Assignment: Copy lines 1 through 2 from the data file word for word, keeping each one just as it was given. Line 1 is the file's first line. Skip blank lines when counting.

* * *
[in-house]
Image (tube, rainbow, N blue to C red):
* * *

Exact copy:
[in-house]
Image (tube, rainbow, N blue to C red):